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Visiting the Fisherman's Hospital, Great Yarmouth, Norfolk, England: elegant, 18th century Market Square property

Updated on February 26, 2013
Flag of England
Flag of England | Source
Old Fishermen's Retirement Homes, Great Yarmouth
Old Fishermen's Retirement Homes, Great Yarmouth | Source
 Laurits Tuxen: The North Sea in a storm.
Laurits Tuxen: The North Sea in a storm. | Source
HRH Prince Richard, Duke of Gloucester
HRH Prince Richard, Duke of Gloucester | Source
Map location of Great Yarmouth, Norfolk
Map location of Great Yarmouth, Norfolk | Source

'Decayed'? Over 60? Approved for marriage by a committee?

This building, known as the Fisherman's Hospital — essentially retirement homes — faces the Market Square in Great Yarmouth, in England's county of Norfolk, where for many years the fishing industry was very important (1).

It was founded in 1702 by the Corporation of Great Yarmouth. The original intention was for almshouses to provide for what were known as 'decayed' fishermen aged over 60!

In the early years, some quaint regulations were in force for retired fishermen in residence. If single, and wishing to marry, a retiree had to propose his bride-to-be to the governing committee! After 9PM, no resident could leave the premises; indeed, this was strictly impossible because the gate was locked and one person only was in possession of the key!

Aligned with Classical-style pediment, a prominent, hexagonal cupola has a statue of the Apostle Peter, to whom the words were spoken: 'I will make you fishers of men' (Matthew 4.19). Other features include Dutch-style gabling and a low, tiled roof, with several, small dormer windows.

The Fisherman's Hospital is now divided into individual units. Repeated restoration programs have been undergone, notably in 1929/30 and in the mid-1980s, the latter as a result of both public and private sponsorship, after which HRH The Duke of Gloucester formally re-opened the building on May 19, 1987.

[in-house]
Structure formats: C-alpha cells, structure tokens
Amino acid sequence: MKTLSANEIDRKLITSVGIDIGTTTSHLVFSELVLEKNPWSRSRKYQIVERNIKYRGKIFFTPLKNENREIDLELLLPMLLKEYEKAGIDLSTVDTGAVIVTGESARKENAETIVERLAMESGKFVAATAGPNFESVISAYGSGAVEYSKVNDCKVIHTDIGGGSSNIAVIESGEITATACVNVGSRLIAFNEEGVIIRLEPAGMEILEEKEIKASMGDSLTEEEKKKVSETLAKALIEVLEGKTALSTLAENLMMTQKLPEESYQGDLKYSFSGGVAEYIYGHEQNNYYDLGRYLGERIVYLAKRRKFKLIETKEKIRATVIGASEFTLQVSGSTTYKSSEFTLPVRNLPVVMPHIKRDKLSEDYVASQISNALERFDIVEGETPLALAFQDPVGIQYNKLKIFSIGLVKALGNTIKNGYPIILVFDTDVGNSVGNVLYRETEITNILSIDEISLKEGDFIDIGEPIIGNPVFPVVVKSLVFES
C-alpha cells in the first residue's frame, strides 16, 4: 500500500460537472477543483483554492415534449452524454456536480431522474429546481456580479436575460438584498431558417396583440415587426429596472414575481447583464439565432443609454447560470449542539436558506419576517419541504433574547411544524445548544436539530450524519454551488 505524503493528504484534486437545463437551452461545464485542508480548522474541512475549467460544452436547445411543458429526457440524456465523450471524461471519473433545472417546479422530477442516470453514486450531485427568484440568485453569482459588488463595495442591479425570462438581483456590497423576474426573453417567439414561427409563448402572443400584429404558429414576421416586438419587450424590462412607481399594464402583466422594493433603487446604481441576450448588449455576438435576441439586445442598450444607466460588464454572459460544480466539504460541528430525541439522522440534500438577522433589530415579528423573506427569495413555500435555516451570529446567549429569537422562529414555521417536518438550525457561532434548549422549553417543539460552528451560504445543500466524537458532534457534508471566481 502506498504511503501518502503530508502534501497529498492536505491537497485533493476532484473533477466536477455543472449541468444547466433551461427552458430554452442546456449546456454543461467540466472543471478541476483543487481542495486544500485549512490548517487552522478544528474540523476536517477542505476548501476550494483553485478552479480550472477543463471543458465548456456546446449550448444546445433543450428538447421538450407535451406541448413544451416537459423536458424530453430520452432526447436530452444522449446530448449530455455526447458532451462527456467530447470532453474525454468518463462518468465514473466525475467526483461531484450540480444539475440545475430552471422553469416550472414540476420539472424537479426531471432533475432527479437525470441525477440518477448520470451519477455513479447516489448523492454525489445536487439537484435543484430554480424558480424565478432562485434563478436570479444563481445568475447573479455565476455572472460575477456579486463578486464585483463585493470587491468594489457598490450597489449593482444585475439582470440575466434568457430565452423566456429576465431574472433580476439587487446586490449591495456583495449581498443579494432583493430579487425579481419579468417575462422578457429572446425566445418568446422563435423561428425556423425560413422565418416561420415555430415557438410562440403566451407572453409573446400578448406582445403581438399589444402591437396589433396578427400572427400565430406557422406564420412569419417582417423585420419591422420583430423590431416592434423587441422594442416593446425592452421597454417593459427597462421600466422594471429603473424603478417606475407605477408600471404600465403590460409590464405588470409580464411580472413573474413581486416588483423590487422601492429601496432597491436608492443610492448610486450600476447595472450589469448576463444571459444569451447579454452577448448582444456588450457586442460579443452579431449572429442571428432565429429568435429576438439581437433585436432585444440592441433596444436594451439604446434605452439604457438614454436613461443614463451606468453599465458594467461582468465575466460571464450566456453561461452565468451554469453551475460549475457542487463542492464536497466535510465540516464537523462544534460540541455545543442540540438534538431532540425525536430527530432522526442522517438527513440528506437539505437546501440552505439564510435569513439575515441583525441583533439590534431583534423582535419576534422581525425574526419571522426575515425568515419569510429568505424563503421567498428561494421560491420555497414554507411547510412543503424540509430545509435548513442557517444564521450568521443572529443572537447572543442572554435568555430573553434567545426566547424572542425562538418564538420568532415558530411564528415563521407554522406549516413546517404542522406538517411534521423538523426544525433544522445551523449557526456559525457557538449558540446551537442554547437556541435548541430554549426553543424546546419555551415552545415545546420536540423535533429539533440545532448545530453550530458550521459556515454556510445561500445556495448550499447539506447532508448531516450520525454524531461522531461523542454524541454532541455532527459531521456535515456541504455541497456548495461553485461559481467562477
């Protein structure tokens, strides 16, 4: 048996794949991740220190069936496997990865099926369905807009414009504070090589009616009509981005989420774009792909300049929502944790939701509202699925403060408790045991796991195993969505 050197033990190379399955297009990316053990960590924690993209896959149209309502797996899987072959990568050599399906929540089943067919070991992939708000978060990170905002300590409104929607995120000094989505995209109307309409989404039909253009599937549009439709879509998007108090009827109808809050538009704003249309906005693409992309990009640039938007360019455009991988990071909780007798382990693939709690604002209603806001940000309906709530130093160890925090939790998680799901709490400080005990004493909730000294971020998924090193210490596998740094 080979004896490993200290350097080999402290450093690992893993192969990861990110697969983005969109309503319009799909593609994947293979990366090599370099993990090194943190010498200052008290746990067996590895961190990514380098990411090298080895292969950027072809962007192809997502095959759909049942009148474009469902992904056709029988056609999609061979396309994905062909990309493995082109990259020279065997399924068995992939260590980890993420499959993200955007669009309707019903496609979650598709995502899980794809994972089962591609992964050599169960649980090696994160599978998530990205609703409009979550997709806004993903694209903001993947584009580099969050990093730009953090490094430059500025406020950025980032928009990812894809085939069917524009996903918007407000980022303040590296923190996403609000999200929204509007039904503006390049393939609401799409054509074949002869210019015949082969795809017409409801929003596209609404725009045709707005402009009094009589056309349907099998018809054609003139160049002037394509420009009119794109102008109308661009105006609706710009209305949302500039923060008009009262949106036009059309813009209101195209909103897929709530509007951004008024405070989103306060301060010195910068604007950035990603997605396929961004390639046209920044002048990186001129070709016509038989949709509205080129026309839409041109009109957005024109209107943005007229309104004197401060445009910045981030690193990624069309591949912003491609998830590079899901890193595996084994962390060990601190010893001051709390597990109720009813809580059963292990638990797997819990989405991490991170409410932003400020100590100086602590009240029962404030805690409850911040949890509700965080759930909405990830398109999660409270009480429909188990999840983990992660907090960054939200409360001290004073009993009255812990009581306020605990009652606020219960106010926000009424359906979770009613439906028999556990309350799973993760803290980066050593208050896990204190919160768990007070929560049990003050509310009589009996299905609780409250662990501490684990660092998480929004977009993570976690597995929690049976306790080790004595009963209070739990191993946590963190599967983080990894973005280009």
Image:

The entrance gates of the Fisherman's Hospital are sometimes the venue from which guided walks around the Downtown of Great Yarmouth are commenced.

Today, in England, anyone wanting to start a senior home or rest facility for retired people is likely to be confronted by an array of regulators, bureaucrats and officials who — seemingly, if not in theory — will seek to dictate how such a charitable venture may or may not be undertaken. I wonder sometimes whether this in fact marks progress from the days of the inception of the Fisherman's Hospital, Great Yarmouth?

But at least getting married does not require proposing one's bride for the approval of a committee!

February 26, 2013


(1) Great Yarmouth's Time and Tide museum traces the history of the local fishing industry, especially the herring fleets.

Also worth seeing

Other visitor attractions in Great Yarmouth include: St Nicholas's Church; the Anna Sewell House; the Britannia Monument, the Town Hall dating from 1882, the 14th century Tollhouse; the North-West Tower; and others.

Burgh Castle (distance: approx. 6.8 kilometres), these ruins date from Roman times.


How to get there: United Airlines flies to London Heathrow Airport, where car rental is available. Great Yarmouth is served by rail from London Liverpool Street Station. The town is 265 kilometers from Heathrow Airport. Some facilities may be withdrawn, without notice. You are advised to check with the airline or your travel agent for up to date information.

MJFenn is an independent travel writer based in Ontario, Canada.


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    • MJFenn profile image

      MJFenn 4 years ago

      Elisa Zanetti: Norfolk is indeed a very interesting part of England. Thank-you for your comment.

    • Elias Zanetti profile image

      Elias Zanetti 4 years ago from Athens, Greece

      Interesting. I admit I didn't know much about Northfolk but know I do!